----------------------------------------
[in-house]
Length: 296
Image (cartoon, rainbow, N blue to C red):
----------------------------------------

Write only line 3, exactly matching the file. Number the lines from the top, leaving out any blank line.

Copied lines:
Image (cartoon, rainbow, N blue to C red):